What are the big players in Southeast Asia doing to help facilitate e-commerce growth? |Source: Shutterstock

How is Lazada helping SMEs become e-commerce winners?

THE e-commerce market in Malaysia is growing at a rapid rate, as both government and private sectors continue to heavily invest in the digital economy.

These efforts are all in line with the Digital Free Trade Zone (DTFZ), a cooperation between the Malaysian Digital Economy Corporation, the various government agencies, and Alibaba Group to redefine global trade by making it as seamless and simplified as possible for Malaysian SMEs to participate and prosper.

Earlier this month, officials revealed that SMEs participating in the DFTZ, have generated a total sales of RM52.1 million (US$13.5 million) since the launch of the trade zone in November.

But what are the big e-commerce players doing to help SMEs and sellers optimize their online presence?

At the Malaysia E-commerce Summit held in Kuala Lumpur yesterday, Lazada co-chief marketplace officer Shah Suriye Rubhen spoke about how his platform is helping SMEs capitalize on the Southeast Asian market and what factors they must consider in order to optimize growth and success.

Worry-free logistics

Lazada claims that selling across borders is a simple and easy process for SMEs. Source: Shutterstock

According to Rubhen, DFTZ with Lazada equals “worry-free logistics”. The platform aims to make the process of selling across Southeast Asia with the DFTZ a seamless and easy process.

“If you are already selling on the Lazada platform – let’s say in Malaysia – you just need to list your products. This is where your job ends,” Rubhen explained.

From here, Lazada replicates your listing in Malaysia to other countries.

“They buy it, you get a notification on the seller portal, you ship it out, and it’s done”.

According to Rubhen, the idea is that the seller will not feel a difference when fulfilling a local Malaysian order compared to an order from a customer in Thailand or Vietnam.

“That’s how easy we are making it for SMEs out there by using the DFTZ,” he said.

Growth of mobile-commerce

Mobile-commerce in on the rise in Southeast Asia and shows no signs of slowing down. Source: Pixabay

One of the key points that sellers must consider when selling online, according to Rubhen, is the critical role of mobile in e-commerce growth.

In 2016, the number of Malaysians who accessed the internet via their phones was 17.9 million. By 2020, this figure is expected to reach around 21 million mobile phone users.

On top of this, there are over 260 million users already online, with 3.8 million users coming online every month, and over 700 million mobile connections.

As such, businesses must realize the need for the involvement of mobile channels for attracting customers.

“With Lazada, the majority of our shoppers are buying through the app. Why? When you shop in the store you are limited by time and space, but if you shop on the mobile you can do it in your own time,”  Rubhen said.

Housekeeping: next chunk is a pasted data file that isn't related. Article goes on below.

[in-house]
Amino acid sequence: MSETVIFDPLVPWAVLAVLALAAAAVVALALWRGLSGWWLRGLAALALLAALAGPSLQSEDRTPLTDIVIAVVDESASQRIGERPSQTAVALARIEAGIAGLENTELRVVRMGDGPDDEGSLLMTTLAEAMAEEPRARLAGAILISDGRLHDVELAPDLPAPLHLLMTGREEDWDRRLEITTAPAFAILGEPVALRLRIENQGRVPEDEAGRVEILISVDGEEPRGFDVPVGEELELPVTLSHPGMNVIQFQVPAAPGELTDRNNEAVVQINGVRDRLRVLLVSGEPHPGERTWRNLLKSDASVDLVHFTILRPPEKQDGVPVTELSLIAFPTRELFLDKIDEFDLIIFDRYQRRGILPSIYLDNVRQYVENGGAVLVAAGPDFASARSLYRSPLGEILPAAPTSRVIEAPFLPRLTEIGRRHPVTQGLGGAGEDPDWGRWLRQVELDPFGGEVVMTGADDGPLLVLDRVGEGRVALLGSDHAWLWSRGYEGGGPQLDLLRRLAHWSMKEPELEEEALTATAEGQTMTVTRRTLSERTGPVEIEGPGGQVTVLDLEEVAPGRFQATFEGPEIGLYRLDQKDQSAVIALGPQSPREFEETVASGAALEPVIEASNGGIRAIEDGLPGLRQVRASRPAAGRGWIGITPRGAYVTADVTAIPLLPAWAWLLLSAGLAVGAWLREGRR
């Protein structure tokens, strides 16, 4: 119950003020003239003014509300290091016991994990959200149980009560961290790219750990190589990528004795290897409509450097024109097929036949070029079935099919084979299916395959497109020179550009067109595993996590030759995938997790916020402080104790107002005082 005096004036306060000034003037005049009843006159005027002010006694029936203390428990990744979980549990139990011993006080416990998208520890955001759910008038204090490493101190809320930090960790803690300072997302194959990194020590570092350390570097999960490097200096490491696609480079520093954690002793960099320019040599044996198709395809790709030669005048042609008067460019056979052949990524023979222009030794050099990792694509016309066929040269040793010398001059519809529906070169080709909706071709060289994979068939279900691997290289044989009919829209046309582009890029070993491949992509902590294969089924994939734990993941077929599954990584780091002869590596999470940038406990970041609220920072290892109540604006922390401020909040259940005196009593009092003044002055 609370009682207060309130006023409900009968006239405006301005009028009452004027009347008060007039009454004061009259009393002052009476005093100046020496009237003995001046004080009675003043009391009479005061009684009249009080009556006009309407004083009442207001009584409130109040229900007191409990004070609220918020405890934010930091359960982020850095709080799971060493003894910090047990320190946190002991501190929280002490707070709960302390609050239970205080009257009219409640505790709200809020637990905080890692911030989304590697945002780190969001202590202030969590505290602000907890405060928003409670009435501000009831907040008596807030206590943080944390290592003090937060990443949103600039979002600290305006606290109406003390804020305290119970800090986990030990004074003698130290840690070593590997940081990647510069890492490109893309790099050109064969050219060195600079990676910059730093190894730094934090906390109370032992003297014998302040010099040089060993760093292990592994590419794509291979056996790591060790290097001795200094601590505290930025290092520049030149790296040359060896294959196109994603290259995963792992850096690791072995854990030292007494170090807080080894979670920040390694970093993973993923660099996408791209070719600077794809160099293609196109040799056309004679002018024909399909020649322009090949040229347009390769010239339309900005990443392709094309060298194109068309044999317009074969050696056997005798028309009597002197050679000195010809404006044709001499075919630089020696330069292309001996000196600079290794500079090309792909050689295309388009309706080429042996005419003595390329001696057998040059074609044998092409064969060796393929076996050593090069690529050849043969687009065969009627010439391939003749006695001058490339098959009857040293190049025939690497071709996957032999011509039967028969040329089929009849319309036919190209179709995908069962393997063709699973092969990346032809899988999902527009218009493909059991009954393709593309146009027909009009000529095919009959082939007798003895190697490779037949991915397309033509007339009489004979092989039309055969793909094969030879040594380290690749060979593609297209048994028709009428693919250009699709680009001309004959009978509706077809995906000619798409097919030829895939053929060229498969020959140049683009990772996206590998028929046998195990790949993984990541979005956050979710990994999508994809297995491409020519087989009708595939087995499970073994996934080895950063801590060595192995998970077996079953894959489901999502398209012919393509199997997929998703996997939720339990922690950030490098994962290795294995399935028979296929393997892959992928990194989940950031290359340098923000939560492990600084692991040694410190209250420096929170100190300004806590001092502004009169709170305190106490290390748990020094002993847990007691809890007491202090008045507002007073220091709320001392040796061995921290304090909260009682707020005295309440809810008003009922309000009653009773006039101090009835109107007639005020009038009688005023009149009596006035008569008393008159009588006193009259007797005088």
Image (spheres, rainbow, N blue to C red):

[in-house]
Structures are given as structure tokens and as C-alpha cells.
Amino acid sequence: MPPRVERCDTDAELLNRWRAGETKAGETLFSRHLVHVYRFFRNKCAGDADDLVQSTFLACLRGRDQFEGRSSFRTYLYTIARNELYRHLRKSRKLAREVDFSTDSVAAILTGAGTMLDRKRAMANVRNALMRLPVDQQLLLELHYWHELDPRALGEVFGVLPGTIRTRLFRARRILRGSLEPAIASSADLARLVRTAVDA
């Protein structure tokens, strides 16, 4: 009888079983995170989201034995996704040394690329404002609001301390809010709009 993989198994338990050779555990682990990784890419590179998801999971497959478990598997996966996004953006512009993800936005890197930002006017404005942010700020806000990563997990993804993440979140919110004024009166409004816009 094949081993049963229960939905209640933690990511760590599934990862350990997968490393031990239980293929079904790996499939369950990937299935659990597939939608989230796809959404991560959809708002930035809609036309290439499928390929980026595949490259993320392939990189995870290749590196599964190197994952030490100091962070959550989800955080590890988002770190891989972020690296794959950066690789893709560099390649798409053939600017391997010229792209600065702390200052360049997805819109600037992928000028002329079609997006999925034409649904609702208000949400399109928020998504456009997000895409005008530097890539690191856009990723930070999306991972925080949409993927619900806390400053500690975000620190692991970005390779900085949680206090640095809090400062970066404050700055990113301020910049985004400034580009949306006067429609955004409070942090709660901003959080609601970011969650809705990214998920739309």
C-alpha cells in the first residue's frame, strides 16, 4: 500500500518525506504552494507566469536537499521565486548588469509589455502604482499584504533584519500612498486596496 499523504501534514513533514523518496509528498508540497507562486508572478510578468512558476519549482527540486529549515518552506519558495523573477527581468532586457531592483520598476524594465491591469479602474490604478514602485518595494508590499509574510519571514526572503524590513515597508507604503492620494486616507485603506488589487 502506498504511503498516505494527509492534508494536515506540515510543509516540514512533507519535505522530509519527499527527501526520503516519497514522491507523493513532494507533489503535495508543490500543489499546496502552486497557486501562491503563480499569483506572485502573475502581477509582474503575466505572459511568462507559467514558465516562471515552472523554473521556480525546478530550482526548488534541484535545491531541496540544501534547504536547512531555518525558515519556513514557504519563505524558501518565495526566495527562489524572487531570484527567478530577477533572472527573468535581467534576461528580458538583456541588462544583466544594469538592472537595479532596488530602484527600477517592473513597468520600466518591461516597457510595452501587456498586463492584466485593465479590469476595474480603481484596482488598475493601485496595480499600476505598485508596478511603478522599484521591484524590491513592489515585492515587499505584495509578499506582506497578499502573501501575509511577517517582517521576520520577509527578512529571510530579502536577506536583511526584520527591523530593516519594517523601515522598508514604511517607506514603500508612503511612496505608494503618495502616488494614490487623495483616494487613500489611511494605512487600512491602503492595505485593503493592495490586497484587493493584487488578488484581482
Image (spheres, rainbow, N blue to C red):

The popularity of mobile-commerce does not just stop at Lazada. According to a report by iPrice Group, e-commerce in Southeast Asia is a mobile-first economy, leapfrogging all the western economies when it comes to the importance of mobile commerce.

Findings from the report revealed that in the past 12 months, mobile has grown on average 19 percent, accounting for 72 percent of all e-commerce web traffic.

Help and guidance for SMEs

How are big players like Lazada helping SMEs grow and prosper online? Source: Shutterstock.com

Lazada provides help and guidance to SMEs looking to grow their business on the platform with hands-on tutorials, how-to guides, as well as free online and offline classes.

The e-commerce marketplace launched the “Seller App” a couple of months ago, which provides sellers with a variety of tools to manage their business through the app.

According to Rubhen, the main thing SMEs are missing when it comes to e-commerce is information that will really help optimize their business.

With Lazada’s “Business Advisor” tool, sellers can discover simple, yet key information about their business such as which products are proving to be the most popular and which items need to be re-stocked.

While the facilities, tools, and training provided by big players such as Lazada can truly empower SMEs in their e-commerce journey, the determinant of success lies in the hands of the business owner.

“What’s important to realize is that it is not a one-way street. It is not just about what Lazada and the other guys are doing, but also what SMEs should be aware of and how they can capitalize on what’s coming,”  Rubhen said.






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